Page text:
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There were two reality-challenged economies theories presented at last night’s presidential debate. Donald Trump reiterated his theory that the US has been on the skids for 40 years and trade agreements are to blame. It’s more likely most Americans are far better off than they were in the 1970s, and trade is one reason why.
Hillary Clinton had an economic theory of her own. Talking about Trump’s tax cut plan, Clinton said, “Trickle-down did not work. It got us into the mess we were in, in 2008 and 2009. Slashing taxes on the wealthy hasn’t worked.”
This is not a new argument from Clinton, one she mentioned in her presidential announcement speech last year:
We’re still working our way back from a crisis that happened because time-tested values were replaced by false promises. Instead of an economy built by every American, for every American, we were told that if we let those at the top pay lower taxes and bend the rules, their success would trickle down to everyone else. What happened? Well, instead of a balanced budget with surpluses that could have eventually paid off our national debt, the Republicans twice cut taxes for the wealthiest, borrowed money from other countries to pay for two wars, and family incomes dropped. You know where we ended up.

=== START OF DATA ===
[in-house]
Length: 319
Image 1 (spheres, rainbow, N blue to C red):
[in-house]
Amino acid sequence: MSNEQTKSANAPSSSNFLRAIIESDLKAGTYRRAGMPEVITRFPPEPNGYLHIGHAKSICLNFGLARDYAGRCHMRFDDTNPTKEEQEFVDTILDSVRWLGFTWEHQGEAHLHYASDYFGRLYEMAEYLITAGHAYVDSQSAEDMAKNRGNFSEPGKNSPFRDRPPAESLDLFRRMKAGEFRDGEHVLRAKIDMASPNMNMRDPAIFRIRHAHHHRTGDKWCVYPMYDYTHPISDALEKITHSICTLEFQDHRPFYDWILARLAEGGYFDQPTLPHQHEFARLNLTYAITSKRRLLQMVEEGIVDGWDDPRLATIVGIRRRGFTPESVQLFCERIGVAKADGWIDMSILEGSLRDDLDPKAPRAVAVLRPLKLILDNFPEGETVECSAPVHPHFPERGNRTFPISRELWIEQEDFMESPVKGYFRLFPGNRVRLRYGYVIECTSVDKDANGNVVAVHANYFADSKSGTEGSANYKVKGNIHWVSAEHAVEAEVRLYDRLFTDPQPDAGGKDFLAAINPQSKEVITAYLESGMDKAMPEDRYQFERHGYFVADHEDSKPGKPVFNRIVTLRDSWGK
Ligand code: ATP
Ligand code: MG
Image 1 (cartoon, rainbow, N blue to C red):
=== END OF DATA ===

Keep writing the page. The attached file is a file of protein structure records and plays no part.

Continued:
But wouldn’t the George W. Bush tax cuts — most of which President Obama extended — have stimulated demand and/or improved supply-side incentives to work, save, and invest? And a 2012 study, “Does Inequality Lead to a Financial Crisis,” found “strong evidence linking credit booms to banking crises, but no evidence that rising income concentration was a significant determinant of credit booms.” Also, the official Financial Crisis Inquiry Commission report assigned blame to banks, regulators, government agencies, and credit raters — not the 2001 and 2003 Bush tax cuts.
That being said, it is not surprising Clinton is making this argument. It is, in effect, “Trump wants to replay the same policies that almost destroyed the US economy, but more so.” Fewer and fewer people remember the Reagan boom or how better supply-side policy contributed to economic growth during Bill Clinton’s presidency. Any Republican who ever proposes tax cuts for the wealthy and business is likely to see some version of Clinton’s argument. Trump didn’t have much of a response other than to asset his tax cut “will create tremendous numbers of new jobs.”